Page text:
Again, there isn’t a definitive answer here. If all you care about is building muscle then cardio isn’t necessary. However, most experts recommend doing at least 30 minutes of moderate-intensity cardio daily for all of the health benefits that cardio offers. If you want to do HIIT, most experts recommend doing it two to three times per week.

What are some other benefits of combining cardio and muscle building?

In addition to aiding in muscle growth, cardio can also help improve your cardiovascular health, increase your endurance, and burn calories. In addition, strength training can help improve your bone density, increase your strength and power, and decrease your risk of injuries.

Are there any risks associated with combining cardio and muscle training?

If you have any pre-existing health conditions, checking with your doctor before starting any new exercise routine is always best. Other than that, there aren’t any risks associated with combining cardio and strength training. However, it’s always important to listen to your body and ensure you’re not overdoing it.

Does intensive cardio burn muscle?

No, hard-hitting cardio does not burn muscle in itself. That being said, if you’re doing high amounts of cardio and not eating enough, you will lose muscle due to your body needing to break down muscle mass for energy due to not being def enough. That being said, intensive cardio should not be purposefully avoided and it’s perfectly possible to gain muscle while doing regular cardio training.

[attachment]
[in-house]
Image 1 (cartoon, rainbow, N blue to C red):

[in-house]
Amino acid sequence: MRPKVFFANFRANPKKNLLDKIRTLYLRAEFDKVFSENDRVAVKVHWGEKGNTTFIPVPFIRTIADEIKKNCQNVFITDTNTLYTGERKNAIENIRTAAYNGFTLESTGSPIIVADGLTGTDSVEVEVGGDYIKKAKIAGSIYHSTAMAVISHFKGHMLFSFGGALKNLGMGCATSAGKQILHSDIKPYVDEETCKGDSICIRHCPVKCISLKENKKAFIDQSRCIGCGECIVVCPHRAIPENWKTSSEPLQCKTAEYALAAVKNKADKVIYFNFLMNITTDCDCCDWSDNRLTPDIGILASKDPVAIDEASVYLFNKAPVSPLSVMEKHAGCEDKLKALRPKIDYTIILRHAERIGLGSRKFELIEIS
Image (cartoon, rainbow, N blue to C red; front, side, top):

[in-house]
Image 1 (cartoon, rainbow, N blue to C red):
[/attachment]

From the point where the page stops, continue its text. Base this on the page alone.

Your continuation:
Final Words

Cardio and strength training are both great exercises to do on their own. However, combining them can offer even more benefits. So if you are keen to improve your overall health, build muscle, or lose weight, consider adding cardio and strength training to your workout routine. Just make sure to listen to your body and not overdo it.

We hope this has helped clear up some of the questions you may have had about does cardio kill gains. In conclusion, to answer the question of is cardio bad for muscle growth: no it isn’t necessarily! As long as you’re eating enough protein and calories. If you have any other questions, feel free to contact us. We’re always happy to help!

About the Author: Jason Chapman

28150ae3b4abd469e930735c5cf02852?s=72&d=mm&r=g
Jason Chapman has a degree in Exercise Science and is a personal trainer with 10+ years of experience in fitness and strength coaching. Jason spends his time with BodyCapable researching the latest strength training trends and writing science-backed, informative content. Jason likes to spend his spare time hiking, traveling, and of course training!